Is Jesus the Way, the Truth, and the Life?

Not according to Fr. Reginaldus (Fr. Ryan Erlenbush) of the New Theological Movement blog. In yet another serious doctrinal error, Fr. Ryan teaches that Jesus is only the Way in His human nature, and is only the Truth and the Life in His Divine Nature. This claim openly and directly contracts the teachings of our Lord and Savior, Jesus Christ, in Sacred Scripture.

{14:6} Jesus said to him: “I am the Way, and the Truth, and the Life. No one comes to the Father, except through me.
{14:7} If you had known me, certainly you would also have known my Father. And from now on, you shall know him, and you have seen him.”

Jesus plainly teaches that He Himself, the Incarnate Second Person of the Most Holy Trinity, is the Way AND is the Truth AND is the Life. For Jesus is one Person, with two natures (His human nature and the Divine Nature). His words offer no distinction between those three things (way, truth, life), that would allow a restriction of one or another to only His human nature, or to only His Divine Nature. The Person of Jesus Christ is the Way and the Truth and the Life. That is why He says “I am….” Not His human nature alone, not His Divine Nature alone, but the one Person with two Natures.

To the contrary, Fr. Ryan teaches the following claims:

“It would be misleading and would probably draw us into heresy to claim that Jesus is the Way in his divinity. As God, the Son is not the Way to the eternal Father; for the Son is in the Father and the Father is in the Son…. No, indeed, Jesus is not the Way according to his divinity – at least, it would be misleading to speak of him as the Way to the Father in his divinity. Rather, our Savior is the Way in his human nature – he is the Way as man, not as God…. Though his humanity is not our salvation in and of itself, it is nevertheless the instrument of our salvation and through it we come into a real and living communion with God.”

“But the Lord does not merely tell us I am the way, he adds further and the truth, and the life. The Savior is not only our Way to salvation, but he is that salvation. However, in his humanity, Christ is not our salvation; for human nature cannot be the end toward which all come, since human nature cannot be infinite goodness. Nevertheless, he who is perfect man is also perfect God and, in his divinity, he is the Truth and the Life.”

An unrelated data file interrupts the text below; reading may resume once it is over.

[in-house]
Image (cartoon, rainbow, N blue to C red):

There is a grave theological error in the above claims. Fr. Ryan is separating the human nature and the Divine Nature of the ONE PERSON Jesus Christ and making us choose one or the other. But when Jesus said “I am the Way, the Truth, and the Life”, He indicated that He Himself, as the one Person named Jesus, is our salvation, our Way to salvation, our Way to the Father, our Truth, our Life, etc. Fr. Ryan does not even consider the ‘possibility’ that when Jesus said “I”, He was referring to Himself as the one Person with two natures. As a result, Fr. Ryan sets up a false dichotomy, so that we seemingly have to choose whether each term (way, truth, life) applies to His human nature or to His Divine Nature. And this error leads Fr. Ryan to make absurd false claims, such as:

“Jesus is not the Way according to his divinity”

“in his humanity, Christ is not our salvation”

To the contrary, Jesus Christ, the one Person with two natures, is our Way and our Truth and our Life, just as He plainly taught. When we arrive at everlasting happiness, is our happiness only in His Divine Nature, and not in His whole Person? Of course not. When the plan of God is completed, and all the faithful are happy forever, does the human nature of Christ become useless? Of course not. So the human nature of Christ is not merely the means to our salvation, it is part of our eternal happiness (just as the company of Mary and all the Saints and Angels is part of our eternal happiness). So the human nature Christ is not merely a means to salvation and happiness, but also a part of the end of salvation and happiness. And the human nature of Christ by itself could not save (could not really exist, since without the Divine Nature united to the human nature, it would not be of Christ). Christ saves as God Incarnate, so that the Divine Nature is both the means and the end, just as the human nature of Christ is both means and end. The fact that the human nature of Christ is finite does not prevent it from being, with the Divine Nature, in the One Person, a part of the means and a part of the end.

And therefore, when Jesus says “I am the Way….” He is referring to His whole Self, the one Person with two Nature. These two Natures are thoroughly united, but without detriment to either nature, in one Person. To separate them such that the Jesus would be said to be not the Way in His Divine Nature, or not our salvation in His human nature, is false, absurd, and a grave error.

So how does Fr. Ryan arrive at such a foolish error, one that directly contracts the plain teaching of Jesus in Sacred Scripture? In the usual way that he arrives at his errors, by treating the useful theological opinions of St. Thomas as if they were infallible Divine Revelation, by subjugating Sacred Scripture to the opinion of St. Thomas, and by misinterpreting what St. Thomas wrote.

Ronald L. Conte Jr.
Roman Catholic theologian and Bible translator

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